Comparison of PUR Water Filters with Other Filtration Systems

Choose a water filter based on the impurities you want to remove. Choosing the right decision from so many possibilities might be intimidating. This article compares four Brita and PUR water filters’ abilities to remove pollutants.

Comparison Table of Brita vs PUR water filters

Containment Brita Standard Filter Brita Longlast Filter PUR Basic Filter
PUR Plus Lead Reduction Filter
Industrial Pollutants
Particulate Class I
Carbon Tetrachloride
Microbial Cysts
Chlorine – Taste and Odor
Nonyl Phenol
Bisphenol A (BPA)
Particulate Class VI


The Brita Longlast Filter and Brita Standard Filter eliminate chlorine, a major water pollutant that affects taste and odor. However, the Longlast filter can also minimize lead, a dangerous heavy metal that can harm humans. The Standard filter cannot remove or decrease lead. Both Brita filters reduce mercury, cadmium, and benzene.

PUR Lead Reduction and PUR Standard Filters eliminate chlorine and other pollutants. The lead Reduction filter removes lead, mercury, cadmium, asbestos, particulates, copper, zinc, and pesticides. The Standard filter removes several of these pollutants but not lead.

Brita and PUR filters remove pollutants differently. The Brita Longlast filter removes lead, but the PUR Lead Reduction filter removes copper and zinc. Carbon tetrachloride, tetrachloroethylene, Bisphenol A, and nonylphenol are also removed or reduced by the PUR Standard filter. It also reduces Atenolol, Carbamazepine, Estrone, and Cysts (Parasites).

Finally, evaluate which toxins you wish to remove while picking a water filter. The Brita Longlast and PUR Lead Reduction filters eliminate or reduce lead, a dangerous heavy metal that can harm humans. However, the Brita Standard and PUR Standard filters may remove or minimize many pollutants but not lead. To choose the best water filter for your household, evaluate your needs and tastes.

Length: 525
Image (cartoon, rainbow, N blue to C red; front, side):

TDS Levels:

TDS levels are crucial when choosing a water filter. High TDS levels influence water taste and quality. This post will compare the TDS levels of water filtered by PUR, Aquacrest, and Brita filters.

Filter Type Unfiltered (ppm) 1st Pour (ppm) 2nd Pour (ppm) 3rd Pour (ppm)
PUR 543 530 556 512
Aquacrest 543 510 500 407
Brita 543 496 430 396


Unfiltered water had 543 parts per million TDS (ppm). After installing and running the filters, the initial pour of water had 530 ppm TDS for the PUR filter, 510 for the Aquacrest filter, and 496 for the Brita filter. After washing more water through the filters, the PUR manufacturer’s filter had 556 ppm TDS, the Aquacrest 500, and the Brita 430. PUR’s filter had 512 ppm TDS, Aquacrest’s 407, and Brita’s 396 in the third pour.

The Brita and Aquacrest filters had the greatest TDS improvement between the first and third pour tests. As more water passed through the PUR manufacturer’s filter, it did not improve.


Finally, while picking a water filter, evaluate your water’s TDS level and how much it improves. As the water was filtered through Aquacrest and Brita filters, TDS levels improved the most. Before picking a filter, check the TDS level of your water, as it can vary by region.

When selecting a water filter, TDS is only one aspect. Other considerations include the capacity to eliminate or minimize certain pollutants. Research and choose a water filter that suits your needs and preferences. Most water filters have a lifespan. Thus they must be replaced to continue lowering TDS and other impurities.